This week Australia mourned the loss of one of the most beloved and respected prime ministers in its history, Bob Hawke.
To this day, no other politician has been able to connect with the Australian public quite as effortlessly as Hawke could. Whether it was his larrikin attitude, his strong-headed approach to politics or his ability to down a yard of ale in 11 seconds, Hawke will forever be regarded as the people’s leader.
After 89 colourful years of life, Hawke’s legacy will live on through his life-changing policies and his powerful words of wisdom that continue to inspire Australians to this day.
With memorable lines like, “The world will not wait for us,” and, “The things which are most important don’t always scream the loudest”, it’s no surprise this man inspired the nation to do better.
Throughout his time in office, Hawke always made sure the people were his primary concern, and when speaking on the topic of power, Hawke famously said: “The essence of power is the knowledge that what you do is going to have an effect, not just an immediate but perhaps a lifelong effect, on the happiness and wellbeing of millions of people and so I think the essence of power is to be conscious of what it can mean for others.”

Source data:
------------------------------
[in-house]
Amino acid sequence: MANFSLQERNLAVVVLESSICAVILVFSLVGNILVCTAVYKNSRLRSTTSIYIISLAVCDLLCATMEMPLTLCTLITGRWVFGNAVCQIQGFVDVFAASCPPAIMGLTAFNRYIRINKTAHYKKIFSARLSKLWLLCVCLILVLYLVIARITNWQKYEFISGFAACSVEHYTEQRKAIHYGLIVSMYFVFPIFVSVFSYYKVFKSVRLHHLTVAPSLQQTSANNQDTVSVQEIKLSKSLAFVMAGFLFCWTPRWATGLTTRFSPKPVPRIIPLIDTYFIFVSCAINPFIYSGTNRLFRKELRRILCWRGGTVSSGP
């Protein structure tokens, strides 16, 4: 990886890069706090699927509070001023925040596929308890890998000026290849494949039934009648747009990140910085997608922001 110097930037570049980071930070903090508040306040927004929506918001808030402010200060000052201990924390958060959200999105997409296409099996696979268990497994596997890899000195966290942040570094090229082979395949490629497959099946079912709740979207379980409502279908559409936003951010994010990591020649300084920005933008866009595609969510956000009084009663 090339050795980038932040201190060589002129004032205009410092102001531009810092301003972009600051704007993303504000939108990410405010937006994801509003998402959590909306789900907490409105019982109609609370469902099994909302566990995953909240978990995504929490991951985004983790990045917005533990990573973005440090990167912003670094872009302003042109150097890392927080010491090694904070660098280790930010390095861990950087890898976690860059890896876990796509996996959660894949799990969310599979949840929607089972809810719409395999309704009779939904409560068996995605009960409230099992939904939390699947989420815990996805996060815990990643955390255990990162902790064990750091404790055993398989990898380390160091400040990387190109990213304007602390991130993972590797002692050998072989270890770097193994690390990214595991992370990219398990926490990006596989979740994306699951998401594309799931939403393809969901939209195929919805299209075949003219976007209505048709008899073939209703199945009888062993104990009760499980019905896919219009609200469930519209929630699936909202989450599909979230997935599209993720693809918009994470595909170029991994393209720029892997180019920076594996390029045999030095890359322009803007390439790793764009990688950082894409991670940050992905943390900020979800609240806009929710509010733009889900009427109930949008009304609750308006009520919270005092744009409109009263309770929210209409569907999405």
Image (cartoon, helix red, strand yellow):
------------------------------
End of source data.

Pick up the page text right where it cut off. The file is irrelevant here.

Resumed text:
One of Hawke’s most famous lines that truly solidified his status as the ultimate Aussie bloke came when Australia won the American Cup in 1983. A boozed-up celebration was well-underway when Hawke, who wasn’t drinking at the time, wore a white suit covered in Australian flags and laughed in high spirits as he told viewers watching live that, “Any boss who sacks anyone for not turning up today is a bum”.
Hawke was renowned for his strong political convictions and could rarely be swayed in any kind of argument. When discussing his strong-minded leadership approach, he once told the public: “I find a fence a very uncomfortable place to squat my bottom.”
One of the more memorable moments from his time in office was when he updated the national anthem from ‘God Save the Queen’ to ‘Advance Australia Fair’. His reasoning behind this distancing from the monarchy was explained when he said: “The previous Olympics, for instance, you have the Brits getting up, they win a medal – they do win one occasionally – and up goes ‘God Save the Queen’, and then Australia gets up and it’s the same anthem – now, that’s crazy.”
Despite being an avid drinker in his earlier and later years, Hawke’s deep respect for the nation meant he became completely sober while he was in office, saying: “I just said to myself, ‘If you’re going to become prime minister of this country you can’t afford ever to be in a position where you can make a fool of yourself or of your country’, and I never had a drop for the whole period I was in parliament.”
The level of trust Hawke shared with the public is something that had never been done before, or since, his time in office, so when he was questioned on his character and trustworthiness, he simply answered: “Do you know why I have credibility? Because I don’t exude morality.”
And when asked how he would like to be remembered by the country, Hawke earnestly answered: “As a bloke who loved his country, still does. And loves Australians and who wasn’t essentially changed by high office.”
It’s safe to say, this is exactly how Australia feels.